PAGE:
Local planning organizations make bike/ped-friendly streets better than state DOTs

Are a lot of the streets in your area designed for autos only, with little or no thought for bicycle and pedestrian needs? Maybe it has something to do with the organizations that planned those roads . . .

Metropolitan Planning Organizations (MPOs) are quasi-governmental organizations that help plan transportation for an entire metropolitan region. MPOs are like a council of governments. Most every metropolitan area of over 50,000 population has an MPO. Two MPOs in Missouri are the Mid-America Regional Council (MARC, Kansas City) and the East-West Gateway Coordinating Council (St. Louis).

According to a recent report by the Brookings Institution, MPOs, which are closer to local governments and local needs, do a better job of providing for multimodal transportation (transit, walking, bicycling) than do state DOTs, which like to concentrate on highway building. According to one summary of the report:
The concept of metropolitan planning organizations was first codified in 1973 with the Federal Aid Highway Act, but MPOs did not gain much responsibility until the Intermodal Surface Transportation Efficiency Act (ISTEA) passed Congress in 1991. ISTEA required that MPOs create long-range and short-range transportation plans while also suballocating some state funding to the organizations.

But states continue to hold the most sway when it comes to transportation spending, the Brookings researchers found. "The reality is that the state receives and manages all the federal transportation money, as well as large amounts of state transportation money, and the state political leverage is far greater than the MPOs'," the report said.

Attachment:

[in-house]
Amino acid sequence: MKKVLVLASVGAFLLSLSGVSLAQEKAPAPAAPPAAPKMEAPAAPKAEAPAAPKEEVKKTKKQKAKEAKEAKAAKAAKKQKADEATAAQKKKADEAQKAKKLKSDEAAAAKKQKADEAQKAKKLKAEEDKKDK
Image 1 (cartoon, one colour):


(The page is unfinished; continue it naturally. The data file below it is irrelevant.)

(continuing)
States may not be the best managers when it comes to local needs, especially when it comes to multimodal planning, the authors said. Examining federal funds over which MPOs have exclusive control, Brookings found that "these metropolitan entities are much more likely to fund local transit needs than state DOTs."

Planning organizations spent 9.3 percent of their Surface Transportation Program funding on transit projects, while state DOTs only spent 2.5 percent of their STP funds on transit in metropolitan areas, the report found.
For much the same reason MPOs are a good idea for metropolitan areas, State Planning Organizations (SPOs) are a good idea for states. An SPO, which would bring together transportation, planning, health, conservation, transit, public interest groups and other organizations with a stake in long-range planning for the state, could be a big part of the solution for Missouri's current transportation crisis.

SPOs were proposed by Joel Hirschhorn in a paper for the National Governor's Association (PDF).